As for bioreactor supply, it is notable from our experience during technical visits to biomanufacturing facilities in Asia (including Japan, South Korea, Taiwan, and India), that although major US/European vendors are used for purification equipment, it is more common for bioreactors to be sourced locally.
Training in bioreactor operation within the vaccine industry can take advantage of the expansion of the MAb sector as a source of experienced scientists and engineers. Moreover, development scientists gain experience in the three-way interplay of regulatory science and quality assurance with process science, which is core to successful product development, by practical application within organizations developing biopharmaceuticals.
How much more can this knowledge expand if a common production platform is adopted? Current vaccine production systems include not only bioreactors, but cell flask systems, roller bottles, and so on operated both manually and by robots. In a research setting, those are simply a variation on the theme of culturing cells cheaply, but in a CGMP environment the variety of different systems creates additional challenges relating in particular to manufacturing different product types. For example, different modes of failure need to be controlled, multiple vendors need to be audited, operator training must be documented, and so on. Increased use of small-scale (disposable) stirred-tank fermentors will increase market volumes and drive down prices, making bioreactors more attractive for research laboratories to produce antigens for preclinical research purposes.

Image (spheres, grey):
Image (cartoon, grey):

Transferable Purification Processes: Although it has obvious benefits, a standardized platform for vaccine purification has been difficult to achieve because of the diversity of product types and the typically complex nature of the biomolecules and organisms concerned. However, recent technological advances are enabling vaccine purification schemes that are not only efficient, scalable, and regulatory compliant, but also transferable among different product types.